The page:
So what went wrong? Was it the pedagogical format of the programs attended? Did they simply not understand what was taught? Why, after having quit smoking or having joined a faith community did they go back to old habits or previous beliefs? Of course, these are complex processes that are being engaged when one is trying to break a bad habit or when one is contemplating spiritual truths. But there is something else we can consider in this process. Is it enough to simply engage and reshape one's meaning schemes, one's conscious content, or do we need to look at the whole picture here?
That is when new questions began to form in my mind after reading Seymour's use of the term "meaning perspective." Maybe religious education is a process of engaging both our cognitive/intellectual processes and our subtle frameworks and "perspectives" that have been shaped over time. As we learn, we are not just engaging our intellectual concept. Our attitudes, values and experiences are being tapped into as well. Everything we perceive or learn is constantly being compared with what we already know and what we have already experienced in life. Certainly our learning process then is engaging more than just our intellectual ideas. We are also engaging our meaning perspectives. Therefore, we need to engage both our meaning schemes and our meaning perspectives in the learning process. And if this is true, if we need to target our meaning perspectives at the same time, then how is that done? What physiological processes are engaged with the shaping of our meaning perspectives?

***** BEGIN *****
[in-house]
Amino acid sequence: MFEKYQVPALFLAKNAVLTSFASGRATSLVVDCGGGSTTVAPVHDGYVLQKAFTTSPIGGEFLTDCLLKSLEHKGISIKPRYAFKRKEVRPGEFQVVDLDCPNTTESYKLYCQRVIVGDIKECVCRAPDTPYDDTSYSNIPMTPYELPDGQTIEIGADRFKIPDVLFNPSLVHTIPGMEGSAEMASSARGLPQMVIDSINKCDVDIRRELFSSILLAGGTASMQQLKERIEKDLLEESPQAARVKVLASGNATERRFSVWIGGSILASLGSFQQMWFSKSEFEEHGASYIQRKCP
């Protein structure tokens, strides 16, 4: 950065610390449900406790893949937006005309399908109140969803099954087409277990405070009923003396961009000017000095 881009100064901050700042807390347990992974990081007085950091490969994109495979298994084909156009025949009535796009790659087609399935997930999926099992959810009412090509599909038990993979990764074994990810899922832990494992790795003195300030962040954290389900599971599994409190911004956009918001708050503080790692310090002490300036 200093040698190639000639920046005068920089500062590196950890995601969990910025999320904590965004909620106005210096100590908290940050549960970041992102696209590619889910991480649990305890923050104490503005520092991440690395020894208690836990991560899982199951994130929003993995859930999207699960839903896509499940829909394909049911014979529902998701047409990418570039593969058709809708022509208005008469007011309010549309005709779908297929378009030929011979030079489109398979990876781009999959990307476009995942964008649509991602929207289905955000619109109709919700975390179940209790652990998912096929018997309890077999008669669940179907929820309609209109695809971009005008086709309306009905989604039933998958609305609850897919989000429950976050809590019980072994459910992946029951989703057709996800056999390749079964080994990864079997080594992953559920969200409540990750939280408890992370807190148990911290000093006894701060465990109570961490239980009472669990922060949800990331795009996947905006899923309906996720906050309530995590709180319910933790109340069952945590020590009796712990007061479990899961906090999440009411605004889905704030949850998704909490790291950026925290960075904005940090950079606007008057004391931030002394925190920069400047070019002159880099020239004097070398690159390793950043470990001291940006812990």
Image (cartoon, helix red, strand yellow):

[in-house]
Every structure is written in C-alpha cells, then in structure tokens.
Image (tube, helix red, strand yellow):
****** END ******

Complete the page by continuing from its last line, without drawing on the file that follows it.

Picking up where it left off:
To give an idea of what is involved, let's take the example of wanting to stop smoking. We can agree that there may be certain meaning schemes involved that led one to start this habit. Therefore, targeting these schemes, addressing the conscious content that a smoker may have is certainly important to do. But this habit was not shaped by conscious content alone. Therefore, stopping the habit will not happen by conscious content alone. Beyond the issue of tar and nicotine addiction and the challenges of this addiction when it comes to breaking this habit, there is also one's subtle frame of reference that has been shaped over time around the idea of smoking. Maybe that frame of reference (meaning perspective) was subtly shaped by noticing how cool and attractive people seemed when they smoked. Maybe over time, a line of thinking developed that involved comments made by a family member who smoked and/or comments made by peers at school or work who talked about how enjoyable it was or how it made them feel like an adult. Over time, maybe one witnessed people feeling relaxed or powerful when they smoked. Each of these experiences helped shaped the potential smoker's attitudes on smoking until a clear meaning perspective was shaped that also fueled their meaning scheme at the same time. Consequently, unless the educational effort to stop the smoking habit targets both of these areas, then chances are the smoker will not be able to successfully stop smoking.